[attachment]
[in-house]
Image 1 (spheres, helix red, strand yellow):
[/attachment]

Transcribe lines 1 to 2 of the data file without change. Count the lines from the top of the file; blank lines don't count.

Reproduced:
[in-house]
Image 1 (spheres, helix red, strand yellow):